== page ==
Rube Goldberg PHL

Kinetic Art

Ever since the day we started playing Mousetrap, I’ve had a fascination with Rube Goldberg-type contraptions.

Right in Philadelphia Airport

Who would have believed that one of my favorite contraptions would be right outside baggage claims in Terminal C at Philadelphia International Airport?

Yes, this delightful piece of art looks out onto the waiting area for offsite parking vans, so I used to get to see this performance art every week.

Next time you fly into Philadelphi, try finding this, it’s worth it…much better than the video would indicate.

Current Knitting

I am glad to say that the body of the Icelandic wool pullover is complete.

Icelandic Wool Pullover 03-19-13

I even decided to try it on to make sure the basic size was good.
Icelandic Wool Pullover 03-19-13 On

A couple of things.  You’ll note I’ve grafted the shoulders (I use three-needle bindoff) and I’ve picked up the stitches for the collar.  One of the things I noticed is that the stitch pattern I’m using is slightly less defined when I knit it flat than when I knit it in the round.  I’m thinking that perhaps I’m slipping the stitch differently, but I only do that on the front-facing row in both methods.  Perhaps my purling is tighter than my knitting…hmmm…who knew.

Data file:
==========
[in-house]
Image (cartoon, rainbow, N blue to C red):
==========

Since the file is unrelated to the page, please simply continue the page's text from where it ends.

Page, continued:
Readers’ Comments/Questions

I never realized so many of the readers here are such recipe whores.  Ted writes, “And can we have the recipe for Cuban Bread, please and thank-you?”

I contacted Thaddeus’ sister, and this is the recipe she uses for Cuban bread (and she never uses the optional sesame or poppy seeds, and if I remember correctly, she used to put boiling water in a pan at the bottom of the oven).  Suffice it to say, we used to eat the crust on this bread and throw away the doughy insides.  Here’s a photo scavenged from the web that best looks like I remember it.

Cuban Bread

Ron writes, “ I second Ted’s request. However, I must say the photos of your bread are great.”

Looks are VERY deceiving…I can make a bread look rustic and tasty, even when its devoid of flavor.  Really.

Ron goes on to write, “I am also interested in how others do set-in sleeves from the top down. Do you follow Walker or Righetti? Or have you developed your own system?”

I’m not sure what method I’ll use…I have books by both Walker (Knitting from the Top) and Righetti (Knitting in Plain English)on top-down knitting, so I’ll check them out before I start the sleeves.  I was planning on doing a short-row shaping at the shoulder, but that limits the amount of excess fabric I can add to the top of the sleeve.


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